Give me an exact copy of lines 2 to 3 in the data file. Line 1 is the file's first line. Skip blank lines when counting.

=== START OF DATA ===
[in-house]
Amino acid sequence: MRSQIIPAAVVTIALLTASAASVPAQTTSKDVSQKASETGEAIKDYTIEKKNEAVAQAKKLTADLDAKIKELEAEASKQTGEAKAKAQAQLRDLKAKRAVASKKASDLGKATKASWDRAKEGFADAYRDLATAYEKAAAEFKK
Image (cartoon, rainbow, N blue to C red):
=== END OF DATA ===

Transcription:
Amino acid sequence: MRSQIIPAAVVTIALLTASAASVPAQTTSKDVSQKASETGEAIKDYTIEKKNEAVAQAKKLTADLDAKIKELEAEASKQTGEAKAKAQAQLRDLKAKRAVASKKASDLGKATKASWDRAKEGFADAYRDLATAYEKAAAEFKK
Image (cartoon, rainbow, N blue to C red):